Genuine Baltic amber from the famous Baltic coast region, bright vibrant yellow colouration and transparent, they may contain insects or plant matter, varying in size up to 30 mm they are from the Eocene epoch dated to 44 million years old.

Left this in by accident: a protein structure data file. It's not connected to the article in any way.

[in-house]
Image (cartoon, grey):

Baltic amber has long been a popular well sought after gemstone, its clarity and bright yellow colour and ease of taking a polish and cutting see that it can be carved and polished into almost any shape desired and has been so since Neolithic times. In reality, amber is not a mineral in the typical sense of other well known minerals, it is the fosslised remains of tree resin, trees produce resin for many reasons, sometimes in effort to kill of pests or when the tree has sustained damage. The thick viscous nature of amber however, traps anything too small inside, (depending on the amount secreted). As such, amber can in many cases include fossilised insects, spiders and sometimes even small lizards. The most prominent discovery came in 2016, when tests concluded that part of a dinosaurs tail had been preserved in amber, including bone and feathers. These inclusions of insects in amber propelled the mineral into 'stardom' when it was heavily featured in the 1993 film, Jurassic Park based on the novel of the same name. These particular specimens are of genuine Baltic amber which come from the famous Baltic region which encompasses various countries whose shores are on the Baltic sea. The amber from this region is rich in colour and dated to approximately 44 million years old, during the Eocene epoch. They may contain insects or plant matter but likely will not, pieces vary in size from 10 to 30 mm and are supplied in a polythene bag with a label.